A Wayward Path to Venture Investment

Venture investment is risky. But when a venture investment matures, the returns make mutual funds in a bull market seem like Japanese CDs.

I have invested in 15 companies that later went public. The most recent, GeneMax, started trading on July 15, reaching a high of $6.25, before selling off along with most stocks in the broad market’s waterfall decline. It closed the week at $4.40, up $0.25 on a day that the Dow fell 390 points, or 4.7%.

In the fullness of time, I expect GeneMax to be a real winner, possibly a $100 stock, based on its unique immotherapy for treating cancers. In trials on laboratory animals which were given the biomass equivalent of basketball-sized tumors, 70% of the subjects treated with the GeneMax therapy were cured, while 100% of the untreated animals died. A similar result for humans could make GeneMax a $1,000 stock.

I don’t say it will happen, but it would be a delight for humanity if it did. As Will Durant said, "Hope is not a feeling of certainty that everything ends well. Hope is just a feeling that life and work have meaning." I am confident that my life and work have meaning.

With my involvement in GeneMax, I played a crucial role in launching and directing a biotechnology company that may end up doing more to alleviate suffering than all the efforts of the Sisters of Charity over the ages. I keep my fingers crossed, and hope. Of course, only time will tell how the story turns out.

For example, members of a venture investment club I founded called Strategic Opportunities Group, who took advantage of my invitation to invest in GeneMax at $1.00 at the end of May, have quadrupled their money in two months, with an excellent prospect of making vastly higher profits as GeneMax gets its feet in the market.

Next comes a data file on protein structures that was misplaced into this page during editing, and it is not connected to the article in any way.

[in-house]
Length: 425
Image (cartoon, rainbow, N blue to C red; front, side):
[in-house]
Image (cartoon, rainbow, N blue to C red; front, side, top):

It is a disappointing venture investment that doesn’t ultimately return 10-to-one. I have had some where I made 1,000-to-one.

When I tell stories such as this, I am frequently asked: how does one’s career in venture investment begin? I seldom give the same answer twice. I took such a circuitous route that each time I try to recall my path I remember a different landmark along the way. I suppose the story probably began before my birth. I must have been genetically disposed to entrepreneurship. Both of my parents were descended from horse traders.

I also suspect that my environment had something to do with disposition to create companies the way that some people create paintings or write novels. My environment as a child was a little out of the ordinary. Something was off in the water, perhaps, or I spent too many afternoons talking with Bill Bonner after choir practice. He and I grew up in the same area of southern Maryland, and gave free reign to our fancies about all the abundant possibilities life had to offer.

Something in that mix freed me from the normal imperatives to suppose that I had to grow up and get a job. I choose to invent my own work instead. To that end, I founded Agora with a modest investment in 1971. Agora has grown to be a great success in the publishing field and many allied businesses. Starting Agora would have to rank as one of the better investments decisions I made. Which reminds me of another twist – one of the apparently most stupid investments I ever made – the launch of a flimsy science magazine, ultimately known as Frontiers of Science.

It cost me a fortune in direct losses. But its ultimate impact was more complicated, in several ways. It shows that sometimes bad investments can compound your fortune.